• By: Candice Vetter

Fatigue on the Job is a Killer

It has been known for decades, probably centuries, that working while tired can impair productivity, and that working in dangerous occupations like driving, loading or handling heavy equipment should not be done while tired.

So why do railway companies seem determined to risk so many of their assets by asking employees to work while fatigued? According to a leaked Canada Transport Safety Board document, fatigue among railway workers has been linked to accidents, including loss of life and extensive property loss, since the Hinton, Alberta train collision which killed 23 people and injured 95 back in 1986. That same report states that federal work/rest rules date back to 2001, that a working group established in 2009 created regulations for a fatigue management plan to be enacted by 2011, and that an assessment of the fatigue management plans for the Big Three (CN, CP, VIA) showed significant gaps.

The stories from employees on fatigue are particularly revealing. Altering work schedules despite driver exhaustion, too short a break between shifts are only two examples of problems. Vehicle drivers are not suppose to drive while impaired by fatigue, so why engineers should and conductors be mandated to do so?

When a railway schedule is thrown out of whack, staff are told thy have no choice but to work even if they have not slept. If they don’t, they are marked down as “refusing to work,” which means they would be taken out of the next shift rotation, or penalized in some other fashion.

“In 2009 I was up until about midnight one night, because I was scheduled to be running a freight train the next afternoon and should have had a normal night to sleep and the morning to eat,” says Paul Proudlock, an engineer who has spoken out about the dangers of crew fatigue. “Then I was called at 2:15 a.m. by a dispatcher and told to run a GO Transit passenger train in three hours.” Proudlock told the dispatcher he was unfit to work and wanted to stick to the rotation for the next afternoon. He says the dispatcher told him that if he answered the phone he had to go. Proudlock refused and asked to speak to management. He was then told that regardless of having had only two hours of sleep, he had to take the shift or be investigated, and possibly given demerit points, for refusing duty.

Proudlock’s story is common, and sometimes railway workers who are afraid of losing their jobs don’t declare themselves unfit to work even though they are. As a result everyone is put at risk. Freight trains can be as much as 16,000 tonnes in mass, can travel at up to 100 kilometres per hour, and frequently run through communities close to residences and businesses.

The Teamsters Canada Railway Conference union of railway workers has been asking that the science of fatigue be incorporated into agreements with railway owners. “The science on sleep patterns can be used to prevent bad scheduling,” says Proudlock.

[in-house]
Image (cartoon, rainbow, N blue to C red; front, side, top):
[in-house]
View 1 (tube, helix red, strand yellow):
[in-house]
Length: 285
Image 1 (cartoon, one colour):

But it doesn’t take a Ph.D. to realize that sleep is essential to proper functioning, and it is well-known that shift workers (which includes most railroaders) have a hard time with constant readjustments to sleep patterns. To have a wrench thrown into their schedules at the last minute is not only cruel, it’s dangerous.

The rules also appear inadequate. For example a “back to back” schedule means eight hours of work, eight hours off, then another eight hours of work. During the eight hours off period the employee has to go home, sleep, eat, prepare for the next shift, do whatever they need to do on a daily basis, then go back to work. In that time there may be a chance to sleep for four or five hours, and that’s if the worker can fall asleep instantly when wanted, which is unlikely.

Another issue frequently mentioned is an unpredictable “on call” system. It is often a consequence of a problem called inaccurate line-ups, which the TCRC has begun documenting. The TCRC website states, “It is a common occurrence to see extreme variations in train line-up times.” Incorrect train positioning sometimes causes crew changes, which aggravates the scheduling issue, which aggravates the number of fatiqued workers.

Since at least 1995 Transport Canada has recommended fatigue countermeasures, the first one being that railways provide regular and predictable duty periods, which is what workers have been asking for. Recommendations also include rest after outbound night runs and prior to overnight return runs, implementing napping strategies which includes exempting napping crews from train inspection responsibilities, and training rail traffic controllers and dispatchers, yet situations like Proudlock’s are still happening today.

Isn’t it time the railways, the union and the government all got on board? Protect their assets, protect their workers and protect the public at large by realistic scheduling, and maybe they’ll protect some lives too.